So many falsehoods and confusions fill the media lately on abortion that I find myself pining for an actual argument.
For an example, I do not want to pick on our president. But he started it, by picking on Catholic teaching.
In a recent speech to supporters, President Biden is reported as saying:
“You have Lindsey Graham of South Carolina and others talking about how they’re gonna you know, make sure that Roe is forever gone and Dobbs becomes a national law. … Talk about, what, no exceptions. Rape, incest, no exceptions. … Now, I’m gonna deal with my generic point. I happen to be a practicing Roman Catholic, my church doesn’t even make that argument.”
He also promised that if his party wins two more seats in the Senate, “we’re going to codify Roe and once again make Roe the law of the land.”
In how many ways is this misleading?
First, it makes no sense to talk of the Supreme Court’s Dobbs decision becoming the law of the land, because it makes no law one way or the other. It says the Constitution leaves the people and their elected representatives free to make the abortion laws they support.
Second, the law Sen. Graham has introduced bans most abortions after 15 weeks of gestation. That leaves about 94 percent of abortions untouched. It also has exceptions for danger to the mother’s life and cases of rape or incest.
Third, the law the president wants to sign, the Women’s Health Protection Act, would not codify Roe. Besides legalizing abortion throughout pregnancy, it attacks hundreds of modest state laws that have remained in effect under Roe, dealing with informed consent, parental rights when minors seek abortions, safety protections for women at abortion clinics, and even the requirement that abortions be done by licensed physicians.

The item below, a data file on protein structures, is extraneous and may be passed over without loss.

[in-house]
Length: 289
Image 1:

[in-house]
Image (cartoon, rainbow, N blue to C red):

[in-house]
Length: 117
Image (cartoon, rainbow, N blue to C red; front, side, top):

That law has passed the House. The president refers to two Senate seats because he supports ending the Senate filibuster, allowing this most extreme abortion law in U.S. history to be approved by simple majority.
Then there is, most seriously, that business about the Church.
In his great encyclical on “The Gospel of Life,” St. John Paul II reviewed how Catholic teaching has rejected abortion since the Church’s first centuries. Reaffirming that constant tradition, he declared that “direct abortion, that is, abortion willed as an end or as a means, always constitutes a grave moral disorder, since it is the deliberate killing of an innocent human being” (No. 62).
After citing Scripture on our need to obey God’s commands when faced with injustice, he added, “In the case of an intrinsically unjust law, such as a law permitting abortion or euthanasia, it is therefore never licit to obey it, or to ‘take part in a propaganda campaign in favor of such a law, or vote for it’” (No. 73).
In this same paragraph, Pope John Paul II discussed a common problem for pro-life legislators: When a current or pending law allows abortion and full protection for the unborn is not practically possible, may one support “a more restrictive law, aimed at limiting the number of authorized abortions”? His answer was yes.
Since 1975, the U.S. bishops have said much the same thing in their Pastoral Plan for Pro-Life Activities, calling for laws protecting the unborn child “to the maximum degree possible.” Both words, “maximum” and “possible,” are important.
So Catholic teaching allows for supporting a bill like Graham’s when broader protection is not possible, but rejects the bill the president supports.
As Jonathan Swift once wrote, “Falsehood flies, and truth comes limping after it.” So much limping is needed to get past the falsehoods these days that there is little genuine debate on how to best serve pregnant women and their children.
Richard Doerflinger worked for 36 years in the Secretariat of Pro-Life Activities of the U.S. Conference of Catholic Bishops.
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